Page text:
I love the internet for a lot of reasons, but especially because it taught me that I can make chips out of literally anything. I'm (mostly) not kidding when I say literally anything. As long as you have an oven and the proper cutting tools (more on that later), you can make apples, zucchini, squash, beets, cucumbers, or whatever produce you want—as long as it's not too watery—into a crunchy and delicious snack with only minimal effort.
I always thought the process had to be a little more complicated than it seemed, but I was wrong. I loosely followed instructions from four popular recipes to make sweet potato, banana, eggplant, and apple chips (separately, of course). Here's what I did to make them without breaking a sweat.
A nice, thin slice is the secret to turning any fruit or vegetable into chips.
If you cut your produce too thick, it will never get that crunchy, crispy, chippy mouthfeel that we all know and love. Instead, you have to cut them extremely thin (about 1/8-inch to 1/4-inch, generally), and the best way to do this is with a mandoline.
A mandoline is a flat tool that you can use to quickly slice even rounds of your chosen fruit or vegetable. Though they sound fancy, they're actually pretty affordable. (Here's a $ 15 one for reference). The only thing with a mandoline is that you have to be super careful when you're using it. If you slice too fast, or you don't use the hand guard that it's so thoughtfully sold with, you just might slice right through your thumb—speaking from experience! No one wants thumb chips, so always use the hand guard, and take the whole process nice and slow.
If you'd rather not buy a mandoline to make your chips, you can use a knife to hand slice whatever produce you're cooking, it'll just take a lot longer.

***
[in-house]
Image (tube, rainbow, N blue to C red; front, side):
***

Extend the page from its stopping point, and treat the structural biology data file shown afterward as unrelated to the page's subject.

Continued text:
Set your oven to 200 degrees F—you're not baking the chips, you're dehydrating them.
When I first saw that the general recommended baking temperature for most chip recipes was 200 degrees F, I did a double take. That's so low, I thought, but then I realized that's the point. At that low, low temperature, you slowly dehydrate the fruit and veggies until they're crunchy and chip-like, and you don't need to use any oils to achieve this texture.
Some recipes you'll see online will tell you to bump up the temperature, but to shorten the amount of time you cook the chips for. You can mess around with the times and temps, but I personally found 200 degrees to be the sweet spot—I was able to cook all my different chips at that temp and they turned out great.
Leave the skin on your produce—or don't. It's up to you, but they'll taste great either way.
I went ahead and left the skin on all of the different things I turned into chips, because I liked the extra bit of texture and flavor it added to the experience. But if you're a devout peeler, then by all means, peel away.
And add whatever spices or seasonings you like.
I didn't add anything, because I wanted to see how they'd turn out with as little fuss as possible. But I could easily see the apple chips being great with cinnamon and sugar, the sweet potato chips with chili flakes and honey, the eggplant chips with rosemary and sea salt, and the banana chips with something unexpected, like turmeric. With wet ingredients that you choose to add, don't use anymore than a teaspoon per cup of produce, so that way it doesn't end up too wet. And feel free to use as large a quantity of dry spices as you like.
One quick sidenote about making the banana chips:
I had a little trouble making banana chips at first, because the bananas I bought were practically mush, they were so ripe. So when you're making banana chips, buy the firmest bananas you can find at the store—the greener the better! They'll be infinitely more easy to slice with the mandolin. Also, slice them a bit thicker (about 1/4-inch to 1/2-inch) than you might the other fruits and vegetables, otherwise you might have a hard time peeling them off the baking sheet when they're done. And before you put them in oven, coat them with a light layer of lemon juice to keep them from turning super brown.
Let everything cook for a long time.
Curl up with a good book, because once you put your chips in the oven, you have 2 1/2 hours to go before you can eat them. Check on them every hour—you'll know they're ready when they've shrunken significantly and curled up a lot at the edges. In the case of the bananas, they should be a little brown.
While everything is still in the oven, they'll be a little soft to the touch, but when you let them cool they'll firm and quickly take on a crispy quality. Store them in an airtight container and enjoy them for as long as they last, which, TBH, probably won't be very long.